“And today, FSA holds more than $1.5 trillion in outstanding loans to 42 million borrowers. That portfolio makes Federal Student Aid bigger than Bank of America, bigger than J.P. Morgan, bigger than Capital One. Indeed, it represents the country’s biggest consumer lender. Now consider this government monopoly was coupled with each new political project of each new Congress. Every couple of years, FSA—and the students it serves—have been pulled in a new political direction.”

Who is responsible?

Yet the myth of the necessity of college, without qualification, is promoted by all those associated with education: colleges, universities, government, the student loan service industry, and financial institutions. It is promoted because of the unbelievable amount of money that is being made at the expense of the students, their families, their communities, and the future of the country itself. So, in light of all this, how can it be said that students are to blame?

College age students not only consider themselves to be adults but believe (as we all did at that age) that they are god’s gift to the world in their level of intelligence, knowledge of the world’s problems, and understanding of the course that should be taken to address those problems. They are, by their own assessment, modern thinkers with modern solutions that older generations have failed to implement. Ask any senior in high school or student in college and they will agree – I am not stating an idea that is new to them or that they would find offensive. It is simply fact in their minds just as it was in ours at their age.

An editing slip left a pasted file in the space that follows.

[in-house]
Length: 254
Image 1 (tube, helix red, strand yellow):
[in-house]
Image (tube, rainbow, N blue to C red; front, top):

So, for the sake of discussion, let’s accept the status they bestow upon themselves, and take an objective look at who is responsible for the student loan problem.

We’ll begin with an analogy. If a person decides they want an 85″ TV and they buy it on credit, who is responsible for determining that the terms of the agreement are in the best interest of the buyer? The seller? The government? The people that live in the buyer’s neighborhood? The seller has performed due diligence and has determined that the terms of the contract are in their best interest – they drew up the contract. Because the buyer is the only person that determines what is important to them, it is only the buyer that can determine if the terms of the contract are also in their best interest. It is the solely the buyer’s responsibility to see that the contract accomplishes their desires in a manner to which they are willing to comply and that is compatible with their ability to do so. This includes the term, interest rate, repayment schedule, penalties, fees, etc. of the contract, as well as determining if perhaps a smaller, less costly TV or no TV at all might be in their better interest.

It is only by the fact that members of a society can count on the word of another that human beings are able to interact with one another in a peaceful manner. It is therefore every person’s duty to ensure that they are willing and able to live up to their word – particularly when it relies upon future performance. Failure to do this is a failure to contribute to maintaining the social fabric of society and nothing less. A person’s word is, in fact, that important to be upheld. We should not take the giving of our word lightly, because the quality and meaning of the rest of our lives hinges upon it. And it should.

So, let’s now talk about student loans. A loan to buy an education is no different in terms of responsibility than a loan to buy an 85″ TV. However, in terms of the importance of performing due diligence, it couldn’t be more different. Without exaggeration, this could well prove to be the single most important decision of a student’s life. As such, any failure to perform due diligence in analyzing all aspects of this decision would be nothing less than an act of contempt against themselves.